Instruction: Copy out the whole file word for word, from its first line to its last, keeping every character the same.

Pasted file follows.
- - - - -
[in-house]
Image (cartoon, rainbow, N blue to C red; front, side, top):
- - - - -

[in-house]
Image (cartoon, rainbow, N blue to C red; front, side, top):